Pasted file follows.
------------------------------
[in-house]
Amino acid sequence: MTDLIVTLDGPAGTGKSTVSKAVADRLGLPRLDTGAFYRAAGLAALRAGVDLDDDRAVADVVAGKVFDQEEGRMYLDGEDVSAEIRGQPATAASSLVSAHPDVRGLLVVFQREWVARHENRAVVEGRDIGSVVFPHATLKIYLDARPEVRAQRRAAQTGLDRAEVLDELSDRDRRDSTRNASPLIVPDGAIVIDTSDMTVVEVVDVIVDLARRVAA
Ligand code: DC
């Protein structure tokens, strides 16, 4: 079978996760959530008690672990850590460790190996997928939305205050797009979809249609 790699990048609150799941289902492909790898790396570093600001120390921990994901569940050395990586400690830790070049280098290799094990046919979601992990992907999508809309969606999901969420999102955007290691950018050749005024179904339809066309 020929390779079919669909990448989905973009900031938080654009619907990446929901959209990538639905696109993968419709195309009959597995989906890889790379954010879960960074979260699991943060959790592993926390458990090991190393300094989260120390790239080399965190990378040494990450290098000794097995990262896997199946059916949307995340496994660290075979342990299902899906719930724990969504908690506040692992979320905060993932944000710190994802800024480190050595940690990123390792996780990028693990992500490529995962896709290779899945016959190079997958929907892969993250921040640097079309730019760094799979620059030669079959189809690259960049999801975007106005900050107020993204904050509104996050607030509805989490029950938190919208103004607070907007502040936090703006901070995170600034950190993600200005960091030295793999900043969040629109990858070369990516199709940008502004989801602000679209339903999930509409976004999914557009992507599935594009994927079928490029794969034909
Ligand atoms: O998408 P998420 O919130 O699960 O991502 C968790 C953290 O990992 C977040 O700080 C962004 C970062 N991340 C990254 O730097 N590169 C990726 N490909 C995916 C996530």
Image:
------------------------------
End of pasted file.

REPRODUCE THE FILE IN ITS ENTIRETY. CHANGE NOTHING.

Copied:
[in-house]
Amino acid sequence: MTDLIVTLDGPAGTGKSTVSKAVADRLGLPRLDTGAFYRAAGLAALRAGVDLDDDRAVADVVAGKVFDQEEGRMYLDGEDVSAEIRGQPATAASSLVSAHPDVRGLLVVFQREWVARHENRAVVEGRDIGSVVFPHATLKIYLDARPEVRAQRRAAQTGLDRAEVLDELSDRDRRDSTRNASPLIVPDGAIVIDTSDMTVVEVVDVIVDLARRVAA
Ligand code: DC
């Protein structure tokens, strides 16, 4: 079978996760959530008690672990850590460790190996997928939305205050797009979809249609 790699990048609150799941289902492909790898790396570093600001120390921990994901569940050395990586400690830790070049280098290799094990046919979601992990992907999508809309969606999901969420999102955007290691950018050749005024179904339809066309 020929390779079919669909990448989905973009900031938080654009619907990446929901959209990538639905696109993968419709195309009959597995989906890889790379954010879960960074979260699991943060959790592993926390458990090991190393300094989260120390790239080399965190990378040494990450290098000794097995990262896997199946059916949307995340496994660290075979342990299902899906719930724990969504908690506040692992979320905060993932944000710190994802800024480190050595940690990123390792996780990028693990992500490529995962896709290779899945016959190079997958929907892969993250921040640097079309730019760094799979620059030669079959189809690259960049999801975007106005900050107020993204904050509104996050607030509805989490029950938190919208103004607070907007502040936090703006901070995170600034950190993600200005960091030295793999900043969040629109990858070369990516199709940008502004989801602000679209339903999930509409976004999914557009992507599935594009994927079928490029794969034909
Ligand atoms: O998408 P998420 O919130 O699960 O991502 C968790 C953290 O990992 C977040 O700080 C962004 C970062 N991340 C990254 O730097 N590169 C990726 N490909 C995916 C996530």
Image: